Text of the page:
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Saturday, May 20, 2006

Bureaucracy at it's finest


Senators get an earful on FEMA, SBA
Horror tales feature ineptitude, delays

Saturday, May 20, 2006
By Bruce Alpert
Washington bureau

WASHINGTON -- A Senate Democratic task force Friday heard from two New Orleans business owners who described their long ordeal trying to get FEMA and the Small Business Administration to respond to what one senator described as routine, uncomplicated requests.

Errolyn Villarrubia Letellier, co-owner of the Rockery Ace Hardware Store in Lakeview, told the Senate Democratic Policy Committee about her frustrating seven-month effort to get even a partial Small Business Administration disaster loan.

Arnold Baker, president of Baker Ready Mix and Building Materials in New Orleans, told the panel he had been trying for nearly eight months to get the Federal Emergency Management Agency to reimburse him for stockpiles of limestone and other materials intended for a runway project at Louis Armstrong International Airport that had been commandeered by the military and FEMA for use after Hurricane Katrina.

Stuck in a hole

Baker says his business has detailed inventory reports of the material left at the airport, which the company values at between $500,000 and $600,000. Baker said that he's happy if the material was put to good use, but the failure to win reimbursement has forced him to eat almost totally into his credit line and made the company's recovery from Katrina much more difficult.

He repeated a complaint made by many homeowners, business operations and public officials that constant turnover of personnel at FEMA forced them to start over multiple times in their efforts for reimbursement or help.

"Every official or representative who has been assigned to us has asked for back-up information, thanked us for it, and said that he or she will get back to us," Baker said. "When we try to call to follow up, someone new contacts us and says he or she has been assigned to the case, and the process starts all over again."

Sen. Byron Dorgan, D-N.D., who presided over the hearing along with Sen. Mary Landrieu, D-La., said it's unfair to put people through so many obstacles for a routine request for reimbursement. He said he and Landrieu would try to get FEMA to work out a settlement with Baker.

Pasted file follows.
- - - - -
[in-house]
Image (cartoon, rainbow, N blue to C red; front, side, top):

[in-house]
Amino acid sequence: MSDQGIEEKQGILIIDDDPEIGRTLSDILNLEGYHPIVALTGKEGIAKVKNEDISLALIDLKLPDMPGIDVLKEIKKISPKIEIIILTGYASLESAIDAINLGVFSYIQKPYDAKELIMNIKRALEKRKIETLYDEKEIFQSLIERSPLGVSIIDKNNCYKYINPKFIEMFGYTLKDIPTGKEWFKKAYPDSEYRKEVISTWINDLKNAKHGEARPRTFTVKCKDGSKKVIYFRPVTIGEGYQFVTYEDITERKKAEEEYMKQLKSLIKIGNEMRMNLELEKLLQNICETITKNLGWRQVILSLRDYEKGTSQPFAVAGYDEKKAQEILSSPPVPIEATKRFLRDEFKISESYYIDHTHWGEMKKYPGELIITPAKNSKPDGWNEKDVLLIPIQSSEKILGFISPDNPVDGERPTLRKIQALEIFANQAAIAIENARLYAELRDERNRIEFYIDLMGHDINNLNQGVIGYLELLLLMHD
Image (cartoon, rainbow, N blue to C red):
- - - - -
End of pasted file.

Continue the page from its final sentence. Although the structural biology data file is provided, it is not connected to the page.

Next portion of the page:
Bizarro World

Letellier followed Baker's testimony with an account of her effort, beginning in October, to get an SBA loan so she and her husband could reopen their heavily damaged hardware store.

She recalled that in December, 2005, two months after filing the loan application, she heard from an SBA official suggesting a faster response if the couple lowered the loan request to $150,000, "less than half of what we needed." They reluctantly followed the advice, she said.

It would be another three months before their loan closing would be scheduled. It was March 5, the day Letellier said her father-in-law collapsed while cutting the grass. He would die later in the hospital, about an hour before the closing was scheduled.

"We knew that if we missed the closing it would take weeks to reschedule, so we left the hospital and went directly to the SBA closing appointment," she said. Surprisingly, Letellier said, the agent seemed blasé about their ordeal, and then refused to accept a copy of their flood insurance policy with their packet of documents, even though they had been told it was required.

Later, she said, they were told their failure to provide the flood insurance had delayed the processing of their loan. As of May 8, she said, the SBA has only provided one third of the $150,000 request.

Store reopens

"My first question to you is: Should it take the government seven months to process a loan for a fraction of what we need to get back in business?" Letellier asked the Democratic senators. "Should taxpayers who have never asked anything of the government be made to run a gauntlet of bureaucracy simply to receive a helping hand? It's a helping hand that will provide a much-needed service to a devastated community trying to rebuild."

The news wasn't all bad. Letellier said her husband couldn't attend Friday's hearing because they had finally managed to reopen their hardware store two weeks ago.

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